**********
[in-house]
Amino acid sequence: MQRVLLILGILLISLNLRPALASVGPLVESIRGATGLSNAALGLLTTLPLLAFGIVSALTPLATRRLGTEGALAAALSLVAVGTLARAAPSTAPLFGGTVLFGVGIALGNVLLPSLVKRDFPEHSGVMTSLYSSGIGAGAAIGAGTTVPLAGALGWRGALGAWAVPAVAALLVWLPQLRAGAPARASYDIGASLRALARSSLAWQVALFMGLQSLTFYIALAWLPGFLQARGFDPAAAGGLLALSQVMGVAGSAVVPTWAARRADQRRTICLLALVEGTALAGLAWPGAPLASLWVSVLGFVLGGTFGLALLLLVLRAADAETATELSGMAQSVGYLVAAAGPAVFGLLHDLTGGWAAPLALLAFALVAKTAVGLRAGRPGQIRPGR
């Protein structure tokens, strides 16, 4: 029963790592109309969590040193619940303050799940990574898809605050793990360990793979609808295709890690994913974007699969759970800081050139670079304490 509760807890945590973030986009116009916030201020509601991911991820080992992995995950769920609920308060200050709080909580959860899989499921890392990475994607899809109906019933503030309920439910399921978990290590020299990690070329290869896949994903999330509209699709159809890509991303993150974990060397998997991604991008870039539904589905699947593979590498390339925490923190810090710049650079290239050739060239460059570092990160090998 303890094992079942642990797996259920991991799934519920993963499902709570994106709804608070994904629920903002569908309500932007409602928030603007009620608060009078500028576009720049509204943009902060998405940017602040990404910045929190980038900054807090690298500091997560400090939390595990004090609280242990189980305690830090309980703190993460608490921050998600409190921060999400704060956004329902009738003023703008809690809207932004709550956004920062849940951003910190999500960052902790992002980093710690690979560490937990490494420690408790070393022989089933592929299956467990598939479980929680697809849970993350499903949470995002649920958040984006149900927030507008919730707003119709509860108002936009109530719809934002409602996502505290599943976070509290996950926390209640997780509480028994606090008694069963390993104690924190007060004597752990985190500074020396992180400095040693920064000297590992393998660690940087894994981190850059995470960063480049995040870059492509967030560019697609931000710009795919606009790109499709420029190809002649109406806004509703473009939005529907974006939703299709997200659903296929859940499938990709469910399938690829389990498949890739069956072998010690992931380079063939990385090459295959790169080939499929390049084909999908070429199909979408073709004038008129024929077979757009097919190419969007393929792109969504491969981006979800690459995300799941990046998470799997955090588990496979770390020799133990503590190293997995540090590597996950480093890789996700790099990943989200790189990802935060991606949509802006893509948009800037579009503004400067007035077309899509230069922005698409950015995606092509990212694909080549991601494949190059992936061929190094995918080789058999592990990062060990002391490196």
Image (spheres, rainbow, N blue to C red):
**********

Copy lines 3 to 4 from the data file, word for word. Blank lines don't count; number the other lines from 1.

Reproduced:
């Protein structure tokens, strides 16, 4: 029963790592109309969590040193619940303050799940990574898809605050793990360990793979609808295709890690994913974007699969759970800081050139670079304490 509760807890945590973030986009116009916030201020509601991911991820080992992995995950769920609920308060200050709080909580959860899989499921890392990475994607899809109906019933503030309920439910399921978990290590020299990690070329290869896949994903999330509209699709159809890509991303993150974990060397998997991604991008870039539904589905699947593979590498390339925490923190810090710049650079290239050739060239460059570092990160090998 303890094992079942642990797996259920991991799934519920993963499902709570994106709804608070994904629920903002569908309500932007409602928030603007009620608060009078500028576009720049509204943009902060998405940017602040990404910045929190980038900054807090690298500091997560400090939390595990004090609280242990189980305690830090309980703190993460608490921050998600409190921060999400704060956004329902009738003023703008809690809207932004709550956004920062849940951003910190999500960052902790992002980093710690690979560490937990490494420690408790070393022989089933592929299956467990598939479980929680697809849970993350499903949470995002649920958040984006149900927030507008919730707003119709509860108002936009109530719809934002409602996502505290599943976070509290996950926390209640997780509480028994606090008694069963390993104690924190007060004597752990985190500074020396992180400095040693920064000297590992393998660690940087894994981190850059995470960063480049995040870059492509967030560019697609931000710009795919606009790109499709420029190809002649109406806004509703473009939005529907974006939703299709997200659903296929859940499938990709469910399938690829389990498949890739069956072998010690992931380079063939990385090459295959790169080939499929390049084909999908070429199909979408073709004038008129024929077979757009097919190419969007393929792109969504491969981006979800690459995300799941990046998470799997955090588990496979770390020799133990503590190293997995540090590597996950480093890789996700790099990943989200790189990802935060991606949509802006893509948009800037579009503004400067007035077309899509230069922005698409950015995606092509990212694909080549991601494949190059992936061929190094995918080789058999592990990062060990002391490196």
Image (spheres, rainbow, N blue to C red):